Sunday, March 8, 2009

Thoughts on being weak

LisAway recently posted about being "weak" in the face of scary situations with our kids. Quote.
My stomach totally does a flop when I even think about a serious injury.
David once knocked his front teeth pretty badly and they were all a little
wiggly and bleeding. While I was cleaning him up and checking things out I
just felt ILL. I was still good about the not freaking out and about the
comforting etc. but my stomach did not handle it well, and it wasn't even an
open wound!
We've had our fair share of gore in the This Girl household. No broken bones, although we did get a split chin once. (In a hotel room. In a city I was unfamiliar with. THAT was fun. I think the hotel receptionist almost passed out.)

But I think the worst thing that's happened to us didn't involve any blood at all.

It was two years ago. Two of my brothers were visiting (why am I talking so much about my brothers lately?! Oh. Because I love them.) and we took them to a fancy shmancy hotel on the beach. We had a fancy shmancy suite that walked right out onto the pristine (fancy shmancy) sand.

On our last day there, Ouro Branco (then a wee little one) woke up at about 6ish to nurse. In my half-awake state, I noticed that Little Prince wasn't in his bed. I nudged My Man and asked him to check if LP was sleeping with my brothers.

I must have drifted back to sleep with OB in my arms when My Man returned and began putting on his shoes.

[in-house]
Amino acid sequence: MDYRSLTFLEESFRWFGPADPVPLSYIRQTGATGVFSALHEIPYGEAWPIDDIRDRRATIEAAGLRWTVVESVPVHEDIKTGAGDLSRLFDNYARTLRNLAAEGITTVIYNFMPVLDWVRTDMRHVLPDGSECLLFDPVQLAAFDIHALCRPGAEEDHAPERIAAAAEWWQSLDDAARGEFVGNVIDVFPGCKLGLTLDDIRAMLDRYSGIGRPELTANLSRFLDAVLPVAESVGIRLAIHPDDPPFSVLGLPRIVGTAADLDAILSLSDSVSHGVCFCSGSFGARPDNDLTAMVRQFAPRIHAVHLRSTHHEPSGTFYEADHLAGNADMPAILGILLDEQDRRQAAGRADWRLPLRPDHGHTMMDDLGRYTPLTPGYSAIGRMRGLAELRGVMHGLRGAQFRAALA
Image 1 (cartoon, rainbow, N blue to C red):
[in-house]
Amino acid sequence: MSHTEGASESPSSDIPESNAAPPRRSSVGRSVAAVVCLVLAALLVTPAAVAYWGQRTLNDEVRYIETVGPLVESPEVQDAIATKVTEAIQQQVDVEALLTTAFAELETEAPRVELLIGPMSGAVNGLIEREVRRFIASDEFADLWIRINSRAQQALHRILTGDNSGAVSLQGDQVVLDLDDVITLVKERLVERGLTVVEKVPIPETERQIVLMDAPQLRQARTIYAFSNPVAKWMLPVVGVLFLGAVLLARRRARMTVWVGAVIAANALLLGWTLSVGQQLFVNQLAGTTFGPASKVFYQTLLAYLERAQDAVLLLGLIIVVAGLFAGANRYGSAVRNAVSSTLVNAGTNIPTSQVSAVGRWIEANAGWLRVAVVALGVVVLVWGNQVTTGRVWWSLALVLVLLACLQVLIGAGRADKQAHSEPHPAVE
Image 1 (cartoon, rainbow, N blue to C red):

"LP isn't here, Becky."

"Mwa ... huh?"

"He's not here, Becky. The front door is open. Wake up."

The next few minutes were a blur. I plopped OB unceremoniously into the crib and threw on a shirt. (Backwards, I later found.) We ran out the door, calling LP's name franctically. I was vaguely aware that my brothers were right behind us.

Everyone at the hotel was still asleep. I burst into the barely-opened hotel kitchen, shaking violently and trying my best to describe LP amidst my stutters.

And a mile in each direction was the ocean. Waves crashing upon waves, a deep, unforgiving blue.

My brothers were racing down the sand, their voices no longer discernible. My Man was searching the hotel pools, the jacuzzi, the kid's play room.

And I collapsed into a soggy heap of despair.

My glasses wouldn't stay on, my tears were so violent. Visions of my firstborn son being dragged out to sea filled my head. He was never afraid of the water.

The search went on. And on. And on. The clock neared seven.

And I prayed.

I only said five words. Dear Lord, not my son. Dear Lord, not my son ....

We are told not to give ourselves over to vain repetitions in our prayers. And though I was repeating myself, there was nothing vain about it. I have never prayed so fervently in my life.

And just when I closed my simple, heartfelt prayer, I heard a cry. Coming from our hotel room.

My Man and I raced back in time to see a little head crawl out from under the bed. Where he had, apparently, slept through this whole scandal.
Ether 12:27 My grace is sufficient for all men that humble themselves before me;
for if they humble themselves before me, and have faith in me, then will I make
weak things become strong unto them.

I was one strong lady that day. And I will be again, each and every time my kids need me.

15 comments:

Rocketgirl said...